2010 Mercedes-Benz E-Class Attention Assist System Keeps Drivers Alert

2010 Mercedes-Benz E-Class Sedan

Fatigue causes more than 100,000 crashes annually on roads in the United States; Mercedes-Benz has rushed in to make the world’s first drowsy-driver detection system standard on the new 2010 E-class sedan. Mercedes claims the Attention Assist System is an independent judge of fatigue, constantly monitoring a driver’s behavior to send warning chimes and flare a coffee-cup sign when it senses a serious drop-off in alertness levels.

Mercedes-Benz was announced the winner of the 2010 prize for best safety innovation by “What Car?” for their Attention Assist System, which is designed to counteract drowsiness in drivers. Similar to trends in the United States, driver fatigue is one of the most common causes of accidents in Europe, resulting in a quarter of all motorway accidents. The 2010 Mercedes-Benz E-Class models will combat fatigue with the help of an array of sensors measuring over 70 parameters relating to driving behavior. If the system detects the driver is at risk of dozing off, it will produce a warning alert by means of an audible signal and a message on the display in the instrument cluster.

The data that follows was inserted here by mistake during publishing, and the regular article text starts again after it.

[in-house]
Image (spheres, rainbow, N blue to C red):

Mercedes-Benz Attention Assist System

Prior generations of Attention Assist Systems would vibrate the steering wheel to simulate roadway shoulder rumble strips, occasionally sending the driver into a panic reaction. Mercedes, which has been working on the system for more than 10 years,revealed the new generation Attention Assist Systemat the North American International Auto Show in Detroitlast month. Other active safety features on the E-Class includes Adaptive High Beam Assist, Lane Keeping Assist, Blind Spot Assist, the PRE-SAFE® Brake which initiates partial braking automatically if there is a pending risk of a rear end collision.
“Studies show that after just four hours of driving, the risk of an accident doubles,” Mercedes-Benz Attention Assist expert Jorg Breuer said. “It increases eightfold after six hours, and drivers often fail to recognize drowsiness early enough.” Breuer further noted: “It is also sensitive to distracted drivers who are on the cell phone or talking to the kids in the back seat. They will get a warning, too. The effects of alcohol are very, very similar to the effects of drowsy driving, and we would assume it would work for that, too.”

Source: Autoweek